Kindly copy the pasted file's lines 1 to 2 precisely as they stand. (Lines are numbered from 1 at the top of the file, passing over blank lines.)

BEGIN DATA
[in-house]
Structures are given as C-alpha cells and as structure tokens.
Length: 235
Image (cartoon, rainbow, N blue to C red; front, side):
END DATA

[in-house]
Structures are given as C-alpha cells and as structure tokens.